After years of watching Europe's single currency appreciate against the U.S. dollar, European companies are rubbing their hands at the sales boost they should get from the euro's 10% decline against the greenback in recent weeks a slide that may not yet be over. "After so much protest about the strong euro, I know there are big French exporters out there who aren't unhappy seeing it where it is now," French Economy Minister Christine Lagarde told Europe 1 radio in late February, just days before the euro's exchange rate to the dollar dropped another cent, to a nine-month low of $1.34.
New statistics released Thursday, March 4, show that growth in the euro zone in the last quarter of 2009 was an anemic 0.1%. But it would have been far worse had euro-zone exports not surged 1.7%. Domestic consumer spending which has been the main growth motor in Europe over the past year was virtually flat, while business investment dropped 0.8%. That export activity occurred prior to the recent drop in the euro's value against the dollar. Given that fall, many European exporters hope their increasingly affordable products will start flying off shelves. The reason: beyond its recent drop, some analysts expect the euro to weaken further as markets assuming that Greece's apparently successful bond issue this week signaled that the worst of that crisis is over turn their sights to the troubled finances of Italy, Portugal and Spain.
That would be good for European exporters and economies. The lion's share of euro-zone exports are sold by small and medium-size companies that constitute the largest generators of employment across Europe. Germany far and away the euro zone's largest exporter, and the second biggest worldwide in particular is likely to benefit. "This is a very positive development for all companies in the euro zone who, like us, really feel the effects when the rates rise above the $1.25-to-$1.30 range," says Philippe Lafaure, president of LCL Technology, a Toulouse-based producer of wireless embedded electronic systems that does about 90% of its sales in exports. "In the end, a lower euro translates into lower prices, which is good for our business and all exporting companies in the euro zone."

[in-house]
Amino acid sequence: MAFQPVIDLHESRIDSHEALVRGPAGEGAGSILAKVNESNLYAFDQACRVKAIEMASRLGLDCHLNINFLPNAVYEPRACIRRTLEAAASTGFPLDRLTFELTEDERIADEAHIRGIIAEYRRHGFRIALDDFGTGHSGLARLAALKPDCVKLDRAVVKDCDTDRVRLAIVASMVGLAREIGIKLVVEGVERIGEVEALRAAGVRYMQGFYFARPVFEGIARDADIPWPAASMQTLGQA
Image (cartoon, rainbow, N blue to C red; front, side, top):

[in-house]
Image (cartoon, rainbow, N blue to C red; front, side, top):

But the debt-provoked currency plunge won't be a miracle cure for the economic ills of all euro-zone exporters. Lafaure, for example, notes that while his euro costs in research and development greatly affect sales price, his company is partly protected by having production sites in dollar-zone countries in Asia providing a pricing hedge when the euro is too high. Multinationals with affiliates in the dollar zone have benefited from the weaker dollar over the past few years. German electronics giant Siemens, for example, generated nearly 45% of its revenue in 2009 in the dollar region. "The bigger the company is, the less traditional export activity it tends to do and the less exposed it is to currency fluctuations," says Siemens spokesman Wolfram Trost. "But when applied to an entire export-driven country like Germany, a drop in the value of the euro becomes a very significant and positive development."
It's been a long time coming. For much of the past five years, the euro has floated between $1.45 and $1.55, in large part due to U.S. policies aimed at keeping the dollar undervalued so dollar-priced American exports would be more affordable abroad. Debt-spooked markets are now reversing that something that could over time take the currency closer to the $1.15-to-$1.20 range that experts say is its true value. "The return to a euro-dollar balance of under $1.30 by the end of the year now seems possible," French bank BNP Paribas recently reported. Of course, those bargain American vacations Europeans have become used to taking just got a lot more expensive.